Seven years ago I was a bright eyed 20-year-old on my exchange semester in Switzerland.
You were sitting across the table at one of those International student nights. A huge bowl of fondue and a few too many people in between us. I was talking to a group of people from Norway, but I kept getting distracted.
All eyes were on you. You were making jokes, everyone was laughing; I felt this urge to introduce myself, but I didn’t.
I saw you again a few nights later, a different party, a different group of people surrounding you. I waited until you walked away and made my move.
We bonded over being the only two people from English speaking countries. I looked into those blue eyes and forgot what I wanted to say.
Another week went by. We waved hello as we passed each other. Then swapped numbers one night after we came out of that club, Trishli. You laughed because I wanted your whole name for my phone book.
It was that same night I was walking back with my Australian roommate, Alex, that I asked her to text you. I asked her to tell you we were having an after party and to come over.
I felt like I was 14 years old. We would text until it was time to see each other again, stay up until sunrise talking about lives back home. Your world seemed so foreign. You’re accent made me blush.
The semester went too fast. We traveled Switzerland together. You lent me your gloves because I thought I’d left mine at home, only to realize I’d had them at the bottom of my bag the whole time. We ate at fancy restaurants, you spoke French, I think I actually swooned.
Life felt so perfect until that night when I cried. I cried so hard I felt like my heart was actually breaking in two. I knew we were going to have to say goodbye and I’m not sure I’d ever dreaded anything more in my entire life.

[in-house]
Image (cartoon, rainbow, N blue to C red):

At the end of the semester I’d go back to life in Boston and you’d stay on for another semester in St. Gallen. We both had degrees to finish, family to see, friends to catch up with, but none of it seemed to matter.
Long distance was hard. I wrote soppy long letters, gave them to you as a birthday present, as though my misery were some kind of gift. We visited each other and wondered what we would do once all this waiting was over.
Those days seem so long ago. The days of waiting for you to get out of class so that we could text. The days of Skype calls and packages in the post. Writing this down now and remembering it, the pain still feels fresh. I remember all those tears and the goodbyes in the airports. I get that same sinking feeling in my gut that makes me short of breath.
That’s how I know it was all worth it. Seven years after I spotted you across that table, after I put your full name in my phone and made up a story about a party just to see you, I still swoon. You still make me laugh. You’re still the one I want to text all day and talk to into the wee hours of the morning. Every now and again I look into those blue eyes and I forget what I wanted to say.